Gina Keune

Charith De Silva, a lead architect at WSO2.Telco, introduced WSO2.Telco IDS which provides a fully Mobile Connect (OIDC) compliant solution for telcos embarking on a federated ID strategy.

Charith De Silva

This year we also hosted a special Strategy Forum for CxOs which saw attendees from companies such as Honeywell, NYU, John Keells Holdings, zMessenger, LOLC and more. The forum was led by WSO2 VP of Solutions Architecture Asanka Abeysinghe who spoke about the digital transformation of enterprise platforms.

Strategy Forum

The day ended with a networking event featuring smooth jazz tunes provided by Brown Sugar. Tasteful bites accompanied by cocktails coupled with lounge-like seating made it the perfect environment to catch up with industry experts and peers.

Networking event

The third and final day of the conference was also packed with insightful technical sessions. The tracks covered topics on governance, IT consumerization, analytics, devOps and app development.

The session on microservices attracted over a 100 of the attendees and proved to be one of the most popular talks of the day.

Azeez

Another popular talk was by Kiran Kumar, an enterprise architect at Wipro, who discussed a case study of a governance system where service governance meets API governance.

Kiran Kumar

The technical sessions came to an end with a closing keynote by Asanka and panel discussion on the benefits and effects of creating a digital enterprise.

Asanka Panel

In addition to the technical sessions, a team led by Srinath Perera, vice president of research at WSO2, showcased capabilities of the WSO2 Analytics platform by hooking up with Twitter to create a sentiment analyser. The project which tracked #wso2conasia was able to give valuable insights into sessions and popular topics. It also helped identify the most dedicated tweep, who walked away with a GoPro camera for his contributions.

Sentiment analysis

Sumedha Rubasinghe, director of API architecture at WSO2 also ran a project that combined  Google’s voice API with the soon to be released WSO2 IoT Server which displayed what speakers of each session were talking about.  This was just a sampling of what you can expect in the future with WSO2’s IoT Platform.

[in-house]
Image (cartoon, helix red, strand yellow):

Voice Analyser

Source: Readme.LK

In true WSO2 style, WSO2Con Asia 2016 came to a close with a rocking after-party featuring the band Glory.

Party

In the coming weeks we’ll be sharing more details of the presentations, so stay tuned for that. In the meantime you can check out the slides for all sessions at the WSO2Con Asia website.

Mastering the Art and Science of Capacity Planning

Imagine an e-commerce provider running out of memory on Black Friday or a search engine provider paying 20 times the cost of their optimal server capacity. Both these scenarios are great examples of what makes a solutions architect cringe. That’s why the ability to forecast the capacity of a system is an important activity in enterprise system design and solution Capacity planningarchitecture.

Capacity planning is an art as much as it is a science. Along with certain parameters, it also involves experience, knowledge of the domain itself and insight into the system. In some instances, it goes as far as analyzing the psychology of the system’s expected users and their usage patterns.

Mifan Careem from the WSO2 Solutions Architecture team recently wrote a white paper that looks at factors affecting the capacity of a system and how you can calculate your system’s capacity using these factors.